PUTRAJAYA: The government may consider enacting a law that will hold Malaysian companies responsible for fires on their estates abroad, said Tun Dr Mahathir Mohamad.
This is especially if burning within their plantations is found to have contributed to the haze situation choking South-East Asia.
“We want to take action against Malaysian firms which have estates outside the country that are contributing towards the haze because of the burning in their estates.
“We will ask them to put out the fires. But of course, if we find that they are unwilling to take action, we may have to pass a law, which will make them responsible for fires in their property even if it is outside Malaysia, ” the Prime Minister told reporters after launching the new Malaysian Foreign Policy Framework yesterday.
Dr Mahathir said this was among the measures to tackle the haze situation discussed in yesterday’s Cabinet meeting.
Previously, Indonesia claimed that four companies out of the 30 that had been identified as the culprits behind the fires that were causing the haze were subsidiaries of Malaysian firms.
Energy, Science, Technology, Environment and Climate Change Minister Yeo Bee Yin said Indonesia had full power to enforce the law on its land, even if the companies were Malaysian.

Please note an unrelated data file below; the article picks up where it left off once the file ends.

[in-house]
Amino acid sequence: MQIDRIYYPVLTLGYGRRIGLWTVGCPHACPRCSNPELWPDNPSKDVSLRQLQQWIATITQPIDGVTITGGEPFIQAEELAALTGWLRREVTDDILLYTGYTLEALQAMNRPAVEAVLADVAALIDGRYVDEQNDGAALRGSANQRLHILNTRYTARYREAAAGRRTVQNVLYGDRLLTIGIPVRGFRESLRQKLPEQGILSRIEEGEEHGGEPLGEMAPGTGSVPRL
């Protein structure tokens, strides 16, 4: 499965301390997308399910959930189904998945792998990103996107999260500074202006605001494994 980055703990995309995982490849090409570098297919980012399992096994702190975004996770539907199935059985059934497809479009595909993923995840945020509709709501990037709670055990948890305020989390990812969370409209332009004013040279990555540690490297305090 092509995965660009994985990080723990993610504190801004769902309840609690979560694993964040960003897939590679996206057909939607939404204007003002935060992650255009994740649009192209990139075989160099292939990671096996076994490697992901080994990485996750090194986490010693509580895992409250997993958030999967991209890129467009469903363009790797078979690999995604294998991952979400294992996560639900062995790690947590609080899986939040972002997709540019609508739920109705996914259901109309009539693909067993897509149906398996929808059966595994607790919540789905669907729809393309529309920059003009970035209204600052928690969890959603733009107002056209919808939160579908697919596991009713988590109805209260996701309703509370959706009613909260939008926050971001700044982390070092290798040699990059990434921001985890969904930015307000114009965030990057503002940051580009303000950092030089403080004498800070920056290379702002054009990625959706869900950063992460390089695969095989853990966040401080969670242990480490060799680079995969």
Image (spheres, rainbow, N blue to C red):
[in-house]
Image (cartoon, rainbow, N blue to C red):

Malaysia does not have a transboundary haze law that allows it to punish its companies for causing air pollution overseas.
Besides punitive actions, Dr Mahathir said the Cabinet also agreed that there should be more public disclosure on the locations of hotspots that were contributing to the haze.
He said this was because there continues to be a dispute, especially with Indonesia, on the origin of the haze and who is responsible for it.
“We should publicise more where the hotspots are situated through government statements. Our people already have raised this matter with Indonesian ministers.
“But they claimed the haze is from Malaysia. That’s why we should publish maps showing satellite pictures of hotspots, ” he said.
The haze in Malaysia continues to worsen, with readings in some areas reaching hazardous levels and thousands of schools have been ordered closed.
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